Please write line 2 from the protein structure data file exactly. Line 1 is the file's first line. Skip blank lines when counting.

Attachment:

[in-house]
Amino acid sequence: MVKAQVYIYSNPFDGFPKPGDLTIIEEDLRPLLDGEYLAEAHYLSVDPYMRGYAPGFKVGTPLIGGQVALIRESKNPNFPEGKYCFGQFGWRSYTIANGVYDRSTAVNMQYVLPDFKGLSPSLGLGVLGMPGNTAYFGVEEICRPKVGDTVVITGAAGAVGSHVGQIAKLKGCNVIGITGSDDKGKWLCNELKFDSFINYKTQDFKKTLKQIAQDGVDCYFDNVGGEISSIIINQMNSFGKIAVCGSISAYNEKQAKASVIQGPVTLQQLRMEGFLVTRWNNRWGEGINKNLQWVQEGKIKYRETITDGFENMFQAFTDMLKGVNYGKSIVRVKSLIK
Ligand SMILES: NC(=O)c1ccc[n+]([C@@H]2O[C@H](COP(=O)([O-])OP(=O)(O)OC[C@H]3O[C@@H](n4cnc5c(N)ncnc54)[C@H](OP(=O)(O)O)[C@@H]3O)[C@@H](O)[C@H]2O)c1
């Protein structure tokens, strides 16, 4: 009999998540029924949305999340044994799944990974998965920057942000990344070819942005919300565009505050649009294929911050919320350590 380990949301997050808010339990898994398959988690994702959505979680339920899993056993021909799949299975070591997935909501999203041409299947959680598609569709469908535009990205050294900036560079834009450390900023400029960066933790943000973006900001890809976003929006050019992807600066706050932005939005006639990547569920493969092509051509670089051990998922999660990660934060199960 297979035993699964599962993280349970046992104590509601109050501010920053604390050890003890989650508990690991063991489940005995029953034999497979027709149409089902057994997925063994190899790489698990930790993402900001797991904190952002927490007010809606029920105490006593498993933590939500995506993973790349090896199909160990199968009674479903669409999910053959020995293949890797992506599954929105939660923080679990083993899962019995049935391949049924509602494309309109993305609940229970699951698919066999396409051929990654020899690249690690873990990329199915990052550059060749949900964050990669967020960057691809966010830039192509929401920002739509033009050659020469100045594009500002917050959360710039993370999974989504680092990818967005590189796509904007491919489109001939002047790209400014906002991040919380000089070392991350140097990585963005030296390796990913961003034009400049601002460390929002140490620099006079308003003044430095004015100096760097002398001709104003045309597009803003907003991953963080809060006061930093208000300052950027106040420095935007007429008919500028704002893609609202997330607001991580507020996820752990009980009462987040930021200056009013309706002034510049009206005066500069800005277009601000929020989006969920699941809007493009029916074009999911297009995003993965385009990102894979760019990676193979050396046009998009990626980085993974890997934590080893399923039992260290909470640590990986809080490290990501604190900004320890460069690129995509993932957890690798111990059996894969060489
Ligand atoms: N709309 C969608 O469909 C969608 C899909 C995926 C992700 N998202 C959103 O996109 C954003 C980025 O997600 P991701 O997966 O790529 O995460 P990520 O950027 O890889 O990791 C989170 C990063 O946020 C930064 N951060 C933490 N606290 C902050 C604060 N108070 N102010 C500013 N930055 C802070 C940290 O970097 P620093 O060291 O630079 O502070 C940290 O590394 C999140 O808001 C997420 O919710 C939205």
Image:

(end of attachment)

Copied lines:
Amino acid sequence: MVKAQVYIYSNPFDGFPKPGDLTIIEEDLRPLLDGEYLAEAHYLSVDPYMRGYAPGFKVGTPLIGGQVALIRESKNPNFPEGKYCFGQFGWRSYTIANGVYDRSTAVNMQYVLPDFKGLSPSLGLGVLGMPGNTAYFGVEEICRPKVGDTVVITGAAGAVGSHVGQIAKLKGCNVIGITGSDDKGKWLCNELKFDSFINYKTQDFKKTLKQIAQDGVDCYFDNVGGEISSIIINQMNSFGKIAVCGSISAYNEKQAKASVIQGPVTLQQLRMEGFLVTRWNNRWGEGINKNLQWVQEGKIKYRETITDGFENMFQAFTDMLKGVNYGKSIVRVKSLIK